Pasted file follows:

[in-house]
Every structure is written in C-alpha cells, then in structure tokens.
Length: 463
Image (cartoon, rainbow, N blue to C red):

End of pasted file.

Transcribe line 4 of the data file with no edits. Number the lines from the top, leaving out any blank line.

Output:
Image (cartoon, rainbow, N blue to C red):